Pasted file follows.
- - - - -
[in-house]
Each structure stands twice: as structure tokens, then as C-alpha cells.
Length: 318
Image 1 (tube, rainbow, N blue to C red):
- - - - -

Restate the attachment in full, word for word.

[in-house]
Each structure stands twice: as structure tokens, then as C-alpha cells.
Length: 318
Image 1 (tube, rainbow, N blue to C red):